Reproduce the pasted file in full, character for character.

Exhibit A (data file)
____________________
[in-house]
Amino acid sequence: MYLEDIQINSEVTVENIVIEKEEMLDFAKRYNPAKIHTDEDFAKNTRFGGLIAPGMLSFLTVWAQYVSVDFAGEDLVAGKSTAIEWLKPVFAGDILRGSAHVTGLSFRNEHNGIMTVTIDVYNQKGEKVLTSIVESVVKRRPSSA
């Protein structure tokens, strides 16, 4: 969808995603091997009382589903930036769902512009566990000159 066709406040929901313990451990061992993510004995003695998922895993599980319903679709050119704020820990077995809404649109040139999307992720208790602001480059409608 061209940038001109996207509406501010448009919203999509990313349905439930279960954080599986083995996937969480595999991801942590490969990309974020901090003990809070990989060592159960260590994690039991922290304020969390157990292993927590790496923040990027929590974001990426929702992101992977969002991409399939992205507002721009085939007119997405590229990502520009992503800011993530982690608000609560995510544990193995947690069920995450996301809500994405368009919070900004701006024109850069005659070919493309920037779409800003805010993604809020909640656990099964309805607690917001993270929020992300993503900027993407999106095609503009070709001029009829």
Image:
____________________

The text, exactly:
[in-house]
Amino acid sequence: MYLEDIQINSEVTVENIVIEKEEMLDFAKRYNPAKIHTDEDFAKNTRFGGLIAPGMLSFLTVWAQYVSVDFAGEDLVAGKSTAIEWLKPVFAGDILRGSAHVTGLSFRNEHNGIMTVTIDVYNQKGEKVLTSIVESVVKRRPSSA
């Protein structure tokens, strides 16, 4: 969808995603091997009382589903930036769902512009566990000159 066709406040929901313990451990061992993510004995003695998922895993599980319903679709050119704020820990077995809404649109040139999307992720208790602001480059409608 061209940038001109996207509406501010448009919203999509990313349905439930279960954080599986083995996937969480595999991801942590490969990309974020901090003990809070990989060592159960260590994690039991922290304020969390157990292993927590790496923040990027929590974001990426929702992101992977969002991409399939992205507002721009085939007119997405590229990502520009992503800011993530982690608000609560995510544990193995947690069920995450996301809500994405368009919070900004701006024109850069005659070919493309920037779409800003805010993604809020909640656990099964309805607690917001993270929020992300993503900027993407999106095609503009070709001029009829």
Image: